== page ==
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Re: doesn't need Anti Rootkit software

Strange how someone can use the term root-kit talking about Windows, since Windows doesn't have a "root" account as such! So somewhere the term has been borrowed because it describes a mode of attack on a system with a root and there are root kits available for

Of course if running a version of Linux there is absolutely no way you would have to over disconnect half your servers from the world because they had become compromised is there

http://www.theregister.co.uk/2007/08/16/ubuntu_pulls_compromised_servers/

and if they can't keep their servers patched - what is the likely hood of the average home user should they all start leaving Windows

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Rootin' tootin'

chkroot is a Linux tool used to detect rootkits on, well, Linux. These threats existed long before the Windows rootkits became prevalent. Not that long ago an alpha version of a proof of concept rootkit for NT was available. That was the first, AFAIK.

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Ash

Re: Advert? by Alex Hawdon

Following on from his / her point (this does seem like it was just pasted from the company's Press Release page), will this application prevent espionage? Will it prevent malicious intent by authorised users?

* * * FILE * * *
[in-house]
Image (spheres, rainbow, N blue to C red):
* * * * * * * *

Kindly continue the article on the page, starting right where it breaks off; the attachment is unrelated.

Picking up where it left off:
If not, the network can still be breached. EDUCATION is the way to prevent exploitation and compromise of any network. Learning how to set it up properly, teaching staff how to operate securely.

Saying that, though, "You ask me to show you a totally secure network, and i'll show you a stack of kit still in the box."

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Dam

Run BSD then :p

Quote from page 1:

"A hacker does this by sending a SYN packet to every port on the server. If the server sends back a SYN/ACK (synchronization acknowledgment) packet from a particular port, the hacker will believe that the port in question is open and can therefore be attacked. By sending multiple SYN packets to the server, a server can quickly become overwhelmed and a denial of service attack can be achieved."

Reply:

Yeah right, well I wish them good luck breaking a BSD box that way ;)

You can configure it to limit the number of ICMP packets it'll send back, to drop packets to closed ports instead of sending a RST without using a firewall, to expire routing table entries much quicker than usual when there are too many of them...

Interesting article, but I feel secure enough here

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Anonymous Coward

That's bullshit

The antivirus argument is one thing but suggesting that a server can't be attacked in other ways is just ridiculous. You might think your OpenBSD server is locked down tighter than Fort Knox but there have been many vulnerabilities in software like Apache, Sendmail, Postfix, PHP and Bind that have all allowed attackers to gain root access to servers. The amount of spam alone coming from compromised mail servers is truly staggering. Besides which, rootkits exist for every OS, OpenBSD included. The fact you haven't been rooted yet is more of an indication you've been lucky rather than clever.